New York State seeks entries for National Missing Children’s Day poster contest
Contest open to fifth graders statewide, state winner will compete for national award
Parents of fifth-graders who are looking for a winter break activity for their children can encourage them to enter the New York State competition being held in conjunction with the National Missing Children’s Day Poster Contest sponsored by the U.S. Department of Justice.
Coordinated by the New York State Missing Persons Clearinghouse, the contest will determine which fifth-grader’s design competes against those created by their peers across the country in the national competition, which is designed to raise awareness about missing children cases across the country. The national contest winner’s poster will be used to promote National Missing Children’s Day 2016.
The Clearinghouse, which is part of the state Division of Criminal Justice Services, assists law enforcement agencies by providing training, case management guidance and investigative support, such as publicizing missing children cases. It also administers the state’s Missing Child Alerts, which can be activated if a case involving a missing child under the age of 21 doesn’t meet AMBER Alert criteria (for example, children with Down syndrome, autism or other medical conditions can be at an extreme safety risk if they go missing).
“Every year, police departments across the state handle thousands of missing children cases,” said Michael C. Green, executive deputy commissioner of the Division of Criminal Justice Services. “While abductions by strangers do occur – and those cases are harrowing for parents and some of the most difficult law enforcement professionals must handle – many more children who are reported missing are runaways, have been abducted by someone they know or by their parents who don’t have custody. This contest offers an opportunity for parents to talk with their children about personal safety while raising awareness of the plight of missing children nationwide.”
May 25 has been marked annually as National Missing Children’s Day since 1983. This year’s contest theme is “Bring Our Missing Children Home,” and that phrase should appear somewhere in each entered design. The theme must be depicted visually and can be created using media such as acrylics, watercolor, pencils, charcoal, magic markers, spray paint, crayons, and pastels.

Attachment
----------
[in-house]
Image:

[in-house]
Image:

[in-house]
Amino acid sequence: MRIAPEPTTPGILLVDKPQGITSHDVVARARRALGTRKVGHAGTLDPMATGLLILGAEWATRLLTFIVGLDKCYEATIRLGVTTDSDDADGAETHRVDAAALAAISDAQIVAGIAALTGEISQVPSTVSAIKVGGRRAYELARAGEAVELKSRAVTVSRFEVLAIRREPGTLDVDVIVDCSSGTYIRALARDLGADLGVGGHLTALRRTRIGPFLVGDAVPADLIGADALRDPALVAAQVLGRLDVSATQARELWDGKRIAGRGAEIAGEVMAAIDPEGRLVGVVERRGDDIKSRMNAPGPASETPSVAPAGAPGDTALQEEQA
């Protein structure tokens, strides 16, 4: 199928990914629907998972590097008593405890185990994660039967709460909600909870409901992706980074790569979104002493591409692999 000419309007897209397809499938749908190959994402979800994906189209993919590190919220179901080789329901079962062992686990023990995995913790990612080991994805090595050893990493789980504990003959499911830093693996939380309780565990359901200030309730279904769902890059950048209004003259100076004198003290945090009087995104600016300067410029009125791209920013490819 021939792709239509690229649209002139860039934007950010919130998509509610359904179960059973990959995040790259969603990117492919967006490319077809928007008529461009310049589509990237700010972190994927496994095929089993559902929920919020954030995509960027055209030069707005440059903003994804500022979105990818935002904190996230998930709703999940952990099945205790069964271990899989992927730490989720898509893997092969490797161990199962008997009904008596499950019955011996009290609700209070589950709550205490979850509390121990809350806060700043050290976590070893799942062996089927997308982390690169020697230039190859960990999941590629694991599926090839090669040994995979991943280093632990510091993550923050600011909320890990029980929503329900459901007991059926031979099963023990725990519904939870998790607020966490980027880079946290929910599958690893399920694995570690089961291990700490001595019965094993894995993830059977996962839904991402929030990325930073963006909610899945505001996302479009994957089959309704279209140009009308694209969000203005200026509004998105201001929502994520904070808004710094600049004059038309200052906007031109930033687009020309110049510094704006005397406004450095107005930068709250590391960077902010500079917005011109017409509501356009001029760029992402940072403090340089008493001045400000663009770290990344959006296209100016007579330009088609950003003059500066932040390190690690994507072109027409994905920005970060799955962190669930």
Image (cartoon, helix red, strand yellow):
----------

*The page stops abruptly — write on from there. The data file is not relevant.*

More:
Entries must be received by the Clearinghouse or postmarked no later than March 2, 2015. Fifth-graders may submit their posters directly. If school districts opt to participate in the contest, each district must select a winner from all of its entries for submission.
Posters will be judged and the state’s first-, second- and third-place winners are scheduled to be announced during the week of March 9. The first-place poster will be submitted in the national competition and each New York State winner will receive a gift card from Michael’s Arts and Craft Store: $50 for first place, $25 for second and $10 for third.
The national judging will be held in April, and the winner of that contest, accompanied by his or her parents and/or teacher, will travel to Washington, D.C. to receive an award.
Digitally-produced images, collages, cut-outs, and stamping will not be eligible for consideration. The finished poster must measure 8½ x 14 inches, and must be submitted with a completed application, including a description of the poster and a brief biography of the artist, either written legibly or typed. For more information about the contest, review the Frequently Asked Questions or contact the Clearinghouse at firstname.lastname@example.org or 1-800-346-3543.
The New York State Division of Criminal Justice Services (www.criminaljustice.ny.gov) is a multi-function criminal justice support agency with a variety of responsibilities, including law enforcement training; collection and analysis of statewide crime data; maintenance of criminal history information and fingerprint files; administrative oversight of the state’s DNA databank, in partnership with the New York State Police; funding and oversight of probation and community correction programs; administration of federal and state criminal justice funds; support of criminal justice-related agencies across the state; and administration of the state’s Sex Offender Registry.